The concept of programming in fetal or postnatal life is firstly established from experimental animal studies. A wealth of evidence from animal studies has demonstrated that exposure to an elevated or excess nutrient supply before birth is associated with an increased risk of obesity and associated metabolic disorders in later life [ 84 ].
Results from epidemiological studies and experimental studies in human also supported that intrauterine or postnatal nutrition could predispose individuals to obesity in later life [ 8485 ].
In a review by Martorell and colleagues [ 85 ], intrauterine over-nutrition as proxied by high birth weight or gestational diabetes is associated with subsequent fatness, and breastfeeding has a protective effect on the development of obesity. In contrast, the evidence that poor nutrition in early life is a risk factor for increased fatness later in life is still inconclusive.
Effectiveness of the Current Public Health Strategies for Risk Factor Reduction and Obesity Prevention A public health approach to develop population-based strategies for the prevention of excess weight gain is of great importance and has been advocated in recent years [ 1186 ].
The development and implementation of obesity prevention strategies should target factors contributing to obesity, should target barriers to lifestyle change at personal, environmental and socioeconomic levels, and actively involve different levels of stakeholders and other major parties.
A proposed framework by Sacks [ 87 ] suggests that policy actions to the development and implementation of effective public health strategies to obesity prevention should 1 target the food environments, the physical activity environments and the broader socioeconomic environments; 2 directly influence behavior, aiming at improving eating and physical activity behaviors; and 3 support health services and clinical interventions.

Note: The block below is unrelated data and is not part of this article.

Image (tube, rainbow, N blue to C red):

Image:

Examples of policies under each of these groups are reviewed in the following sections. Food, Physical Activity, and Socioeconomic Environments To alter the food environment such that healthy choices are the easier choices, and to alter the physical activity environment to facilitate higher levels of physical activities and to reduce sedentary lifestyle, are the key targets of obesity prevention policies.
There are a wide range of policy areas that could influence the food environments. These areas include fiscal food policies, mandatory nutrition panels on the formulation and reformulation of manufactured foods, implementation of food and nutrition labeling, and restricting marketing and advertising bans of unhealthy foods [ 87 — 89 ].